Read more below

By Mark Tully MARK TULLY
  • Published 16.05.03
Borrowed works


Rani Sircar’s Dancing Round the Maypole is particularly fascinating to me because I come from the world she describes. But hers was what I might call the Indo-British view while I saw that world as a member of the British Indian community. She was the daughter of anglicized Indians, her father was an Anglican clergyman, while I was the son of an English boxwallah. With our family there was no conflict of cultures. My parents’ ambition was to ensure that as little of India as possible rubbed off on us.

We Tully children had a European nanny whose role was to protect us from India, to stop us from becoming too familiar with the servants, to make sure that we only played with British children, and only spoke English. I remember getting a slap across the head when she discovered me learning to count in Hindustani from the driver. Nanny Oxborrow was particularly fond of our grandfather, but she strongly disapproved of his teaching us to recite nursery rhymes in Hindustani. I left India before coming of an age to question all this. There seemed nothing unnatural about being British in India to a nine year old child.

Rani Sircar on the other hand tells of a culturally confused childhood. She was well aware that she was Indian but at times wished she was English. Her father had been ordained in Salisbury’s magnificent cathedral and inevitably carried some of that culture back to India, but her mother always insisted that she was Indian to the core. She had Anglo-Indian teachers who appeared to know all the great names of British history but were unaware of any great men India had produced, and until the Quit India movement, spoke derogatorily of “natives”.

Rani Sircar married into Indo-Britain too. Her mother, being very much on the Indian side of the equation, didn’t allow a wedding cake at the ceremony describing it as “phiringi nonsense”. But because British executives, friends and colleagues of her Indian boxwallah husband-to-be were coming, he insisted that phiringi liquor — inevitably Scotch — should be served. She has telling memories of the racial attitudes which prevailed even after Independence in Calcutta’s mercantile community. A white man told her, “You simply can’t go to that native doctor. I’d writhe and shrivel up inside if those brown hands touched me”, and went on to suggest her virtue might not be safe in those hands because she wouldn’t know “what oriental vices he’s got”.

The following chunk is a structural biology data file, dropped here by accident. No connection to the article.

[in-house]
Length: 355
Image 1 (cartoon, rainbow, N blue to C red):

I never saw the sort of unpleasantness that Sircar came across. As a child, it was hidden from me by the very agreeable life we lived. I can’t believe that my parents would have behaved as some of the people she remembers did. I was once reminded by Calcutta’s archbishop, Cardinal Picachi, that his sister had been my father’s secretary and was very fond of him. I then remembered that they had remained in contact long after he left Calcutta.

Nevertheless it is good for people like me who were born as British citizens in India to be reminded how unpleasant our compatriots often were. Sircar’s memories make me even more appreciative of all the generosity I have been shown in independent India, my imperial past has never once been held against me. This book will be important for historians too, giving them an insight into important but insufficiently studied communities and reminding them that for the British, there was no crime like “going native” because that undermined the basic concept that upheld the Empire — the concept that we whites were different, that only we were fit to rule.

This book is important for Calcutta too because it was the capital of the culture Sirkar half-belongs to. She herself says she reminisces only because her memories have “perhaps a certain curiosity value”. They are worth more than that.